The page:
Less than a week after shares of Sangamo BioSciences Inc. jumped 20 percent on a zinc finger DNA-binding protein (ZFP) collaboration with Sigma-Aldrich Corp., the Richmond, Calif.-based firm is padding its coffers with a $30 million stock sale.
Sangamo agreed to sell about 3.3 million shares to a group of institutional investors priced at $9.15 per share, a slight discount to Monday's closing price of $9.76. The company's stock got a shot in the arm last week on news of its alliance with St. Louis-based Sigma-Aldrich to develop laboratory research reagents using Sangamo's ZFP technology.
The companies intend the reagents for broad use in several laboratory applications, such as cell lines with enhanced protein production performance, panels of knockout cell lines for drug discovery and stem cell and transgenic animal models.
In exchange, Sangamo gets a $13.8 million up-front payment, with a little more than half of that - $7.75 million - coming from an equity investment. Sangamo also is eligible to receive up to $22 million in milestones and would receive royalties on any product sales or services developed using the ZFP technology. Shares of Sangamo (NASDAQ:SGMO) shot up 19.3 percent last week to close at $10.20.
The company's ZFP technology, which involves the engineering of proteins that can be targeted to specific genes or the creation of zinc finger nucleases designed to correct DNA at a precise sequence location, has brought Sangamo a number of partnership opportunities since its founding in 1995.
Earlier this year, the firm signed a deal with South San Francisco-based Genentech Inc. to engineer ZFP nucleases that the large biotech firm can use to generate cell lines for protein production, and entered a licensing agreement with California biomedical research facility City of Hope to develop a cell therapy for glioblastoma multiforme. (See BioWorld Today, May 1, 2007.)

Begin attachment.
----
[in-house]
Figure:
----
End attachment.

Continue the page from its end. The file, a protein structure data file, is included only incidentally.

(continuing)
Sangamo also uses the technology to create its own pipeline of ZFP transcription factor (ZFP TF)-based therapeutics aimed at regulating disease-related genes and ZFN-based therapeutics designed for disrupting or correcting genes. Its lead program, SB-509, is an injectable formulation of plasmid DNA that encodes ZFP TF to up-regulate the vascular endothelial growth factor (VEGF-A) gene. SB-509 is in development for diabetic neuropathy, and Sangamo initiated two Phase II trials earlier this year in patients with moderate to severe disease.
Earlier in the pipeline, the company is investigating targets for cancer, neuropathic pain, diseases that require a gene correction - sickle-cell disease, beta thalassemia and X-linked severe combined immunodeficiency (X-linked SCID) - and HIV/AIDS. Last month, Sangamo researchers reported preclinical data from its HIV/AIDS candidate showing that ZFN-modified T cells engrafted normally in the mouse model and that those cells are protected from HIV infection. A Phase I trial in that indication is expected to start in the second half of the year.
The company has not yet reported its second-quarter earnings. For the first three months of 2007, it posted a net loss of $5.4 million, or 15 cents per share. As of March 31, Sangamo had about $49 million in cash.
Sangamo's stock lost 8 cents Tuesday to close at $9.68.